First Advisor

Suwako Watanabe

Date of Publication

Fall 1-10-2014

Document Type


Degree Name

Master of Arts (M.A.) in Japanese


World Languages and Literatures




Interpersonal communication in men -- Cross-cultural studies, Japanese language -- Discourse analysis, English language -- Discourse analysis



Physical Description

1 online resource (ix, 133 pages)


This study seeks to understand the social interaction of small talk in two different countries. Defining small talk as 'phatic communion' and 'social talk' as contrasted to 'core business talk' and 'work-related talk,' Holmes (2000) claims that small talk in the workplace is intertwined with main work-talk. Small talk can help build solidarity and rapport, as well as maintain good relationships between workers. Much of the research on small talk has been focused on institutional settings such as business and service interactions; thus, there is a need for research on non-institutional small talk between participants without established relationships.

This study compared how native English and Japanese male speakers interact in small talk that occurs during the initial phase of relationship formation, when interlocutors who have just met are waiting for a shared purpose. I analyzed their unmonitored small talk interaction in order to examine what types of topics they discuss and how conversations actually occur. I also conducted interviews to obtain information on perceptions of small talk and examined how these perceptions reflect different social norms and values pertaining to small talk in real-life settings. The data on the characteristics of small talk come from the pre-interview conversation between two participants, and the data on perceptions about small talk come from the interviews.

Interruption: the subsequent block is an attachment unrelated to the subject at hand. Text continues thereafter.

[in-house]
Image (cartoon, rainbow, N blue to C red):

The topics discussed differed between the U.S. and Japanese pairs. The U.S. pairs had "Informational Talk" elaborating on class details such as professors, systems, materials, or class content. The Japanese pairs, on the other hand, had "Personal Informational Talk," talking about personal matters such as study problems, worries, gossip, and stories. Furthermore, the Japanese pairs tended to have many pauses/silences compared to their English-speaking counterparts (the average frequency of pauses per conversation were 6 for the U.S. participants and 16 for the Japanese), presenting the impression that the Japanese pairs might have been uncomfortable and awkward. However, one similarity was that both groups discussed topics on which they shared knowledge or discussed the research study in which they were participating in order to fill silence during small talk with strangers.

The most prominent result from the interviews is that interactions with strangers are completely normal for the U.S. participants, while for the Japanese participants such small talk with strangers makes them feel surprised and uncomfortable. The U.S. participants have numerous experiences with and are aware of the small talk occurring in everyday life, and they commonly discuss impersonal subjects; that is, their talks tend to be about factual information. The Japanese males, on the other hand, reported that they do not commonly talk with strangers; they need a defined place or reason to talk in order to converse openly and exchange personal information. However, in the actual pre-interview small talk, they incrementally came to know each other and started to discuss personal concerns and gossip about friends. This study has shown that small talk can be viewed as a locus where cultural differences in social norms are reflected.


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